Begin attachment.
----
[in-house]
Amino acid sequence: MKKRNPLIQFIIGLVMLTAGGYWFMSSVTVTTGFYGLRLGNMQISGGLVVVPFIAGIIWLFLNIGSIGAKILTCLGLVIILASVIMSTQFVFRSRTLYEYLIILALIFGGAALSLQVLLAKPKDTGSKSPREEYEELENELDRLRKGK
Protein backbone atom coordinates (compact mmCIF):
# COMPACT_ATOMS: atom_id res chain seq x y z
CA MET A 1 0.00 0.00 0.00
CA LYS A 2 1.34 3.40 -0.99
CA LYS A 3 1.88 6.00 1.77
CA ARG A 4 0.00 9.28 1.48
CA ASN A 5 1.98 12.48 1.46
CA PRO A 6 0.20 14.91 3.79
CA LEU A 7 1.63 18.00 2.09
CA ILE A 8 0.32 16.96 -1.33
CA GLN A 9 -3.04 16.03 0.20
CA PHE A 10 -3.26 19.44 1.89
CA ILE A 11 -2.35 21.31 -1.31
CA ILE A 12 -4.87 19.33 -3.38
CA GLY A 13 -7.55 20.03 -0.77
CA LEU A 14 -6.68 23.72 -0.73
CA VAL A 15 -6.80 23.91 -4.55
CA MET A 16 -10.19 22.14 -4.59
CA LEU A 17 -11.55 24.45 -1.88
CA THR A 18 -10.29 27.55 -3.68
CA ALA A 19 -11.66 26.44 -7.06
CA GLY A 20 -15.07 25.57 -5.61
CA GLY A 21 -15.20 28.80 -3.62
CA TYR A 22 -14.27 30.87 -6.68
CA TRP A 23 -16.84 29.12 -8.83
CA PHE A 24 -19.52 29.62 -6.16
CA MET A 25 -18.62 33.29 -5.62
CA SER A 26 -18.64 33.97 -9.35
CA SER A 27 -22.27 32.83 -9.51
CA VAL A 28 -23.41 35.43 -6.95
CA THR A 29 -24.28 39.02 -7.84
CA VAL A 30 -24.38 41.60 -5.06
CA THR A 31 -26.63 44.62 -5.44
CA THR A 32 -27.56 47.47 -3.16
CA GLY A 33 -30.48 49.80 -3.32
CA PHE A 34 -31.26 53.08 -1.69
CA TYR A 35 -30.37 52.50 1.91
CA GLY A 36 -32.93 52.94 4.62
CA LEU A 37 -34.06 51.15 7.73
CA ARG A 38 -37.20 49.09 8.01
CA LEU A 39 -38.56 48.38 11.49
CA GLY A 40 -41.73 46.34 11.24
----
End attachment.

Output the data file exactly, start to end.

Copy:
[in-house]
Amino acid sequence: MKKRNPLIQFIIGLVMLTAGGYWFMSSVTVTTGFYGLRLGNMQISGGLVVVPFIAGIIWLFLNIGSIGAKILTCLGLVIILASVIMSTQFVFRSRTLYEYLIILALIFGGAALSLQVLLAKPKDTGSKSPREEYEELENELDRLRKGK
Protein backbone atom coordinates (compact mmCIF):
# COMPACT_ATOMS: atom_id res chain seq x y z
CA MET A 1 0.00 0.00 0.00
CA LYS A 2 1.34 3.40 -0.99
CA LYS A 3 1.88 6.00 1.77
CA ARG A 4 0.00 9.28 1.48
CA ASN A 5 1.98 12.48 1.46
CA PRO A 6 0.20 14.91 3.79
CA LEU A 7 1.63 18.00 2.09
CA ILE A 8 0.32 16.96 -1.33
CA GLN A 9 -3.04 16.03 0.20
CA PHE A 10 -3.26 19.44 1.89
CA ILE A 11 -2.35 21.31 -1.31
CA ILE A 12 -4.87 19.33 -3.38
CA GLY A 13 -7.55 20.03 -0.77
CA LEU A 14 -6.68 23.72 -0.73
CA VAL A 15 -6.80 23.91 -4.55
CA MET A 16 -10.19 22.14 -4.59
CA LEU A 17 -11.55 24.45 -1.88
CA THR A 18 -10.29 27.55 -3.68
CA ALA A 19 -11.66 26.44 -7.06
CA GLY A 20 -15.07 25.57 -5.61
CA GLY A 21 -15.20 28.80 -3.62
CA TYR A 22 -14.27 30.87 -6.68
CA TRP A 23 -16.84 29.12 -8.83
CA PHE A 24 -19.52 29.62 -6.16
CA MET A 25 -18.62 33.29 -5.62
CA SER A 26 -18.64 33.97 -9.35
CA SER A 27 -22.27 32.83 -9.51
CA VAL A 28 -23.41 35.43 -6.95
CA THR A 29 -24.28 39.02 -7.84
CA VAL A 30 -24.38 41.60 -5.06
CA THR A 31 -26.63 44.62 -5.44
CA THR A 32 -27.56 47.47 -3.16
CA GLY A 33 -30.48 49.80 -3.32
CA PHE A 34 -31.26 53.08 -1.69
CA TYR A 35 -30.37 52.50 1.91
CA GLY A 36 -32.93 52.94 4.62
CA LEU A 37 -34.06 51.15 7.73
CA ARG A 38 -37.20 49.09 8.01
CA LEU A 39 -38.56 48.38 11.49
CA GLY A 40 -41.73 46.34 11.24